Surprisingly Empty

But on the first day of the week, at early dawn, they came to the tomb bringing the spices which they had prepared.  And they found the stone rolled away from the tomb, but when they entered, they did not find the body of the Lord Jesus.  While they were perplexed about this, behold, two men suddenly stood near them in dazzling clothing; and as the women were terrified and bowed their faces to the ground, the men said to them, “Why do you seek the living One among the dead?  He is not here, but He has risen. Remember how He spoke to you while He was still in Galilee, saying that the Son of Man must be delivered into the hands of sinful men, and be crucified, and the third day rise again.”  And they remembered His words, and returned from the tomb and reported all these things to the eleven and to all the rest.  (Luke 24:1-9 NASB)

The worst of a possible outcomes has come about.  The Master has been killed.  In mourning, spices have been prepared, and aromatics collected.  The Sabbath was less a day of rest, and more a day of deep sorrow and despair.  Joy has been turned to sadness, and hope to hopelessness.  The expectations of a small group of followers have been dashed, and the enemies of God sleep in peace.  It isn’t just a tomb that defines a hollow space in the earth.  Jesus’ followers feel one in their souls as well.

But the stone is rolled away.  It’s not just the cool morning air and mist.  The heavy stone is no longer before the door.  The problem they discussed on the way is found already solved.  But who?  Has someone come to do as they have come to do?  Or has something awful, on top of the unimaginable which has already happened, come about?  Has the worst of all possible outcomes just gotten unbearably worse?  They rush to the open tomb to find out.

They enter the open door.  It is, and isn’t as they expect.  While it’s true that His body is gone, the wrapping is still there.  Who would take the corpse without the linen?  And why isn’t it “unwrapped”?  It’s simply…empty.  Their hearts beat faster as their minds try to grasp what they see.  It makes no sense, and fears rise within them.

Then the semi-darkness of the tomb is suddenly lit by the presence of two “men”.  Their clothes shine as if they are clothed in light.  The details of the scene are brought into stark, sharp clarity.  But it’s too much for the women, already shocked by what they have seen.  They collapse, bowing toward these two terrifying figures, probably trembling, and crying in layers of fear.

But then the voice, deep and gentle, the sound of a smile in the tone and timbre, fills the tomb.  “Why do you look for the living among the dead?”  Now their minds race, and their pulses quicken. The hope, destroyed and scattered by witnessing their Master tortured to death, breathes deeply within them.  “He is not here, He has risen!”  No, but, please, yes!  It can’t be, but let it be.  The hope within them struggles through the gloomy shroud of death they have wrapped it in, struggles to be free and in the light once more.  “Remember…”

It comes flooding back; the confusion, the fear, the struggle to grapple with Jesus’ as Messiah, the Anointed, the Christ!  The Messiah doesn’t die!  Yet He did.  The Messiah can’t be hung on a tree, cursed!  Yet He was, they saw it happen.  But He had kept saying something like this would happen.  It was impossible then, shoved from their minds by the terror and incomprehensibility of what was happening this Passover.  The frame Jesus had built, in which to understand the Messiah of God, began to slip into place, shoving the frame, used by their culture and traditions for centuries, roughly to the side.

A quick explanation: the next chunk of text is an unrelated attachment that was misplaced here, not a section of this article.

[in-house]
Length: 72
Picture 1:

The old frame collapsed, crashing into a heap of trash, and joy ignited, lit by hope, now free from the shroud of despair.  They remembered His words.  Something new had come, much more brilliant than the two men’s clothes.  These women, wrapped in grief that morning, now emerged from the tomb, now more alive than they had ever been!  Their own resurrected lives began by running, ignominiously for such women, through the streets of Jerusalem, to tell the people who needed this hope the most!

My hope lives.  It hasn’t always.  Even as a “believer”, I have, at times, lost my hope.  I have taken my “eyes off Jesus”.  There have been times when my circumstances ruled my view, and all I could see was the defeat.  I’ve been there, as I said, even as a believer and follower of Jesus.

And, in those times, my Master calls to me, asking why I mourn what lives?  The shroud of despair around my hope is actually empty.  The tomb in the depths of my soul is not where my hope is found, that hole has nothing inside.  Why do I look for the living among the dead?  The question penetrates the fuzzy emotions of my depression.  Why am I looking here for my hope?

The old frame crumbles as Jesus’ new frame slides into place.  The new window is clear, the images I see crisp, and the truth floods in like light.  My hope is kept by my Master, and can never be found in holes in the ground.  I don’t define my hope, for my hope is a gift, a treasure, held in safekeeping by my Master.  Jesus, my King, holds my hope, and His Spirit is my redemption ticket.  I am forever connected to the One who has saved me.

Because the tomb is empty, I too live.  Because the grave could not hold Him, hopelessness cannot hold me.  What do I have to fear if death itself is dead?  I cannot die, since death is to be separate from my Master.  And now, nothing can separate me from the love of God which is in Christ Jesus!

What do you learn from the empty tomb this morning?  What is your view through the knothole?

 

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